Visiting Professor, Anesthesia and Emergency Medicine, Center for Patient Safety, Utrecht University Medical Center, The Netherlands.
Principal and Director, Research, Anshen+Allen Architects, USA.
Health care is plagued by an insurmountable abundance of medical errors. It is estimated that over 100,000 preventable deaths occur each year in the U.S. hospitals alone. This is equal in magnitude to a 747 jumbo jet liner crashing every three days with no survivors aboard. While there are only limited data identifying the role that the built environment contributes to medical errors, this knowledge is on the increase as part of a growing area of interest known as evidence-based design (EBD). It is clear that facility design has an impact on safety – either beneficial or detrimental – depending on how each particular facility is designed.
At the same time the world is in the midst of the largest hospital construction boom in half a century. There remains a large disconnect between designers and facility users with the result that little formal knowledge is implemented in preventing patient harm by better building design. This disconnect is particularly apparent in designing peri-operative settings (i.e., pre-op, surgical operating room, interventional procedure suite, recovery room).
Additionally, medical advances are causing some traditional departmental boundaries to disappear, yielding new types of procedural spaces in which modern medicine is practiced. This in turn is changing medical culture as specialists collaborate in ways that differ from past tradition. Nowhere is this change more apparent than in the convergence of surgery and interventional radiology1.
The epidemic of preventable medical errors, the growing need for healthcare facilities designed for safety, and the convergence of surgery and imaging are resulting in new types of space where medical technology is complex and where safe environments are essential2.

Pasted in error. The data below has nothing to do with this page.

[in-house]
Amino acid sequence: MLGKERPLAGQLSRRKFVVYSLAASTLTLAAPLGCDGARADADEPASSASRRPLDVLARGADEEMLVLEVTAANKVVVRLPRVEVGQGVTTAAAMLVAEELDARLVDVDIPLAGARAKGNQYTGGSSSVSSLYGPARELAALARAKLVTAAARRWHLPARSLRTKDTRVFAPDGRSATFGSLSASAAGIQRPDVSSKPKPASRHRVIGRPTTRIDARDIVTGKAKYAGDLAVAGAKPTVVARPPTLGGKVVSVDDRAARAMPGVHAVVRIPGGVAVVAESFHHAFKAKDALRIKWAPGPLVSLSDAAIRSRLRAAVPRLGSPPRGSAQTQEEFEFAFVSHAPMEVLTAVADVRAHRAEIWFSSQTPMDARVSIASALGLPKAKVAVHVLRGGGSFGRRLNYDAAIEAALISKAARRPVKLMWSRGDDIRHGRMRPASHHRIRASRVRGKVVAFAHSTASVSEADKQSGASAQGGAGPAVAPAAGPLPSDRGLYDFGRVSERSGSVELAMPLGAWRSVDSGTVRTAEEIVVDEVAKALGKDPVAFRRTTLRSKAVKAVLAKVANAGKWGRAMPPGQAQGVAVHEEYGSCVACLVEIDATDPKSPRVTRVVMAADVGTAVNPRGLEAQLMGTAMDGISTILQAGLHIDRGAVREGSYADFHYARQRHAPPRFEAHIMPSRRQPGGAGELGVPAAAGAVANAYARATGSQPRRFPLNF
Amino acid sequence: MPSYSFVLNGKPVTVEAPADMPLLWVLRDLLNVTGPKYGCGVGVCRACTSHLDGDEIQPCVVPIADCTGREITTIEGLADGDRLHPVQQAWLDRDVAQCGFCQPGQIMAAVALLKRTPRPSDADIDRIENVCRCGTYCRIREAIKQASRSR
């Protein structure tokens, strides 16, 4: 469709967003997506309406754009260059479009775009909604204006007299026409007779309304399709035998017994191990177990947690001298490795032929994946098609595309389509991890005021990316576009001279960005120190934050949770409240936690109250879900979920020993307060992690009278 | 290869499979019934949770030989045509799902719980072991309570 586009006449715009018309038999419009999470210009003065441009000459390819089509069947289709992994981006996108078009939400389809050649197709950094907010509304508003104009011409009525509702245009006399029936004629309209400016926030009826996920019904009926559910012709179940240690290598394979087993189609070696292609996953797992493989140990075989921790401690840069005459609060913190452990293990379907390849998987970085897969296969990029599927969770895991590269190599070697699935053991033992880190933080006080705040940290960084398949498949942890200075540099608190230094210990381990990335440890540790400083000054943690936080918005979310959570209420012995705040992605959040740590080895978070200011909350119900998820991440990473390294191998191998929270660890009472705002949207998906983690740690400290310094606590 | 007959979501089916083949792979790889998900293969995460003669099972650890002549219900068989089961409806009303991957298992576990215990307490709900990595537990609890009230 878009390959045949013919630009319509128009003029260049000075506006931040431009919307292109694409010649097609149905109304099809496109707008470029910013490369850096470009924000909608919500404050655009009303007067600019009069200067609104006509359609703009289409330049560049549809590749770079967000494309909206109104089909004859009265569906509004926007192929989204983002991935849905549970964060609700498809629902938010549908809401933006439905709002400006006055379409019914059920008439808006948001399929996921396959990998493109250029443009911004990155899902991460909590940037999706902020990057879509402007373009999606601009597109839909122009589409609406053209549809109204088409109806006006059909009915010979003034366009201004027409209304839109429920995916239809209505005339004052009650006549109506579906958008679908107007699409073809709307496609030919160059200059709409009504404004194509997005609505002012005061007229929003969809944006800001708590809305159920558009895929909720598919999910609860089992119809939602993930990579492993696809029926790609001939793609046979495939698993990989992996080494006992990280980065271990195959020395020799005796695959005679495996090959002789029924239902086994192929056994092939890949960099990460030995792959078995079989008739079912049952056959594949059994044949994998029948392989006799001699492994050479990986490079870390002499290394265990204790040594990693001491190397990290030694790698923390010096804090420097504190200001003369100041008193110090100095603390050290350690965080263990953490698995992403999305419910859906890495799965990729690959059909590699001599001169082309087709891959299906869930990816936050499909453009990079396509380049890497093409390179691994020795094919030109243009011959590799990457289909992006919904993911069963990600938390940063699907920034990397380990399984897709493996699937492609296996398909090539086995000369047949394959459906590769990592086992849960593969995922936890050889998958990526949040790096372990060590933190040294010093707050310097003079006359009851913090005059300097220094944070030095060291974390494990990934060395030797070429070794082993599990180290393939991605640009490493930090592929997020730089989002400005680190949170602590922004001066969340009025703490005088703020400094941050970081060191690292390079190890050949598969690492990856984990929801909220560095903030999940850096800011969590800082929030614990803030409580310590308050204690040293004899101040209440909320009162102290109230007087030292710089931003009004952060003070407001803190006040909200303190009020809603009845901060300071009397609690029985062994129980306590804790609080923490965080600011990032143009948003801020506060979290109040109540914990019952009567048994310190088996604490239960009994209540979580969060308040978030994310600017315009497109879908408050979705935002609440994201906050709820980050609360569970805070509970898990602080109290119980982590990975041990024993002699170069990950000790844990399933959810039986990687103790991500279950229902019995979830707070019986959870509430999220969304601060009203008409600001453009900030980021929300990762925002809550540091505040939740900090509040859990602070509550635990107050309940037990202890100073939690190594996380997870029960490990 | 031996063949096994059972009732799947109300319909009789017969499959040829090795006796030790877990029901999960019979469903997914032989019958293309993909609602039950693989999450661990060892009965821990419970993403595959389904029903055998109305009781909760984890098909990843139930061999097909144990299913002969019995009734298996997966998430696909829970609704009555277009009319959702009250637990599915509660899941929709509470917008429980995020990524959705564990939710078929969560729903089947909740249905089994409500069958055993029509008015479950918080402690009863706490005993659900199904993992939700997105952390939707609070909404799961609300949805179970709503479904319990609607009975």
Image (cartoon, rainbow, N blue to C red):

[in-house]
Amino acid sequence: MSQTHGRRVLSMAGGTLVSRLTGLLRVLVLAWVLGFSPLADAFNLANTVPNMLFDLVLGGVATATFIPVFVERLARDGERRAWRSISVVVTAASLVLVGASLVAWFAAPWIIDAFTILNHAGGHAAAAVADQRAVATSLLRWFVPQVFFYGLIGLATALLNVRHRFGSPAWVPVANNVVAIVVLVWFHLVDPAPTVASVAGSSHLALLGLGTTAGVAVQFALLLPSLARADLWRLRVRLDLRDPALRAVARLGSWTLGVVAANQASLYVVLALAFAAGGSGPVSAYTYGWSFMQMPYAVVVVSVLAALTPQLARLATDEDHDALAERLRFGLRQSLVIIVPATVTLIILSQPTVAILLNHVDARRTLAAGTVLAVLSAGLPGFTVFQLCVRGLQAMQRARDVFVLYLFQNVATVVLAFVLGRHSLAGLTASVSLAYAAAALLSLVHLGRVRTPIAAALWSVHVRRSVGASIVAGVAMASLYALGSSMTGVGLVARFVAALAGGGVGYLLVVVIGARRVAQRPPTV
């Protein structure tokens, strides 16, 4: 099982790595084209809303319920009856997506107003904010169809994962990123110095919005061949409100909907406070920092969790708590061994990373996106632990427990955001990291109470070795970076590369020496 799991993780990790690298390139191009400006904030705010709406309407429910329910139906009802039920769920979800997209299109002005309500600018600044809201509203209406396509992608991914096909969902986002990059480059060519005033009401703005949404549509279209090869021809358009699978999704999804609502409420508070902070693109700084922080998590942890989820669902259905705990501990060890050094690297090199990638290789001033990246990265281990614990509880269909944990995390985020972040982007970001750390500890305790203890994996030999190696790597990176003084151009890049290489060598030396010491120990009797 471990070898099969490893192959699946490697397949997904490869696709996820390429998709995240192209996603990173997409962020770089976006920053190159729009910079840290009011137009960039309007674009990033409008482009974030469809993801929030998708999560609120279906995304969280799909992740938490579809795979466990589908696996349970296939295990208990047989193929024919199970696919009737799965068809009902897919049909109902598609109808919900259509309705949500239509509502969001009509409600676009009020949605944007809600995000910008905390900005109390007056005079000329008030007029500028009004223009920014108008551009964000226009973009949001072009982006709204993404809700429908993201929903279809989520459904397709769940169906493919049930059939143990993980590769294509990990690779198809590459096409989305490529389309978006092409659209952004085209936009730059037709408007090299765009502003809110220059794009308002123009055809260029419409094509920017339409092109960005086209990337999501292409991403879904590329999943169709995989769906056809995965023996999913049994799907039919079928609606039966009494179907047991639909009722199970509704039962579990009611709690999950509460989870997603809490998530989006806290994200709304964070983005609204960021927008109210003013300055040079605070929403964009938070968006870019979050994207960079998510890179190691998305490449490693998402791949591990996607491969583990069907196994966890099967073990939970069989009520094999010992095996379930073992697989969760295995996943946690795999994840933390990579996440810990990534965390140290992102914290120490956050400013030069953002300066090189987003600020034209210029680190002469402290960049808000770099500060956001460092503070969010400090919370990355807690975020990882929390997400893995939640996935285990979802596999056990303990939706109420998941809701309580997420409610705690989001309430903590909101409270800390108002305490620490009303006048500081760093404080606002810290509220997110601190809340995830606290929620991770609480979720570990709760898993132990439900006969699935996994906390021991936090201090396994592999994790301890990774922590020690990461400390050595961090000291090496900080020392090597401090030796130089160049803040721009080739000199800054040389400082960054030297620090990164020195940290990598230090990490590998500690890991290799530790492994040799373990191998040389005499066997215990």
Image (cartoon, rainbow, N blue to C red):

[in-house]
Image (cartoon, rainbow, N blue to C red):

Researchers have found that approximately 10.5% of all adverse medical events and 19.7% of all serious adverse medical events may be related to surgery while many others are related to medical imaging. Categories of medical errors and safety include wrong site surgery, wrong person surgery, radiation exposure, magnetic resonance imaging accidents and hospital-acquired infections. While the majority of these errors may not be directly related to facility design, knowledge of how the built environment affects safety and medical and outcomes is essential in designing healthcare facilities that do not further contribute to unnecessary iatrogenic outcomes (a condition that has resulted from treatment, as either an unforeseen or inevitable side effect).
One theory among practitioners of evidence-based design is that if all operating rooms and other procedure rooms are configured identically (sometimes referred to as handed or universal rooms) the rooms would be safer because during an emergency staff would intuitively know where to look for supplies and instruments because they would all be in the same place regardless of which room they were in. While this hypothesis seems logical there’s no quantifiable evidence supporting this conclusion. Furthermore, if all rooms look alike, they might actually contribute to an increase of wrong person surgery due to the lack of visual cues, such as distinctive landmarks in the room providing guidance to which room, and thus which patient, the staff is attending to. Therefore, if operating rooms are “handed” some form of distinguishing accent or landmark should be provided.
Radiation emitting devices continue to become safer. However, permissible accumulated levels of radiation exposure are rapidly becoming more conservative. As a result, radiation shielding requirements continue to become more stringent, even as most radiology equipment is becoming more reliable. In addition, there is growing interest in associating the long-term effects of radiation exposure with an increased incidence of survivor cancer. While most imaging facilities are designed to ensure adequate radiation protection, surgical facilities are not always designed with this in mind. As surgery becomes increasingly dependent on image guidance, adequate radiation protection becomes more critical. For example, many operating rooms where x-ray technology is used typically rely on small ceiling-mounted lead shields and surgical staff wearing personal radiation protection. However, dedicated space is rarely provided for technologies that control the imaging equipment to work within a radiation controlled zone. Some surgical suites are being outfitted with control rooms (similar to those found in diagnostic imaging departments) adjacent to the operating room anticipating the increased frequency and complexity of radiation emitting devices being used within the operating room.